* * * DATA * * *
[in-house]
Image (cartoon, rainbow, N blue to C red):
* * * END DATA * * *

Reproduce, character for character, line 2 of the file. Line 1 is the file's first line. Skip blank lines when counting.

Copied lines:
Image (cartoon, rainbow, N blue to C red):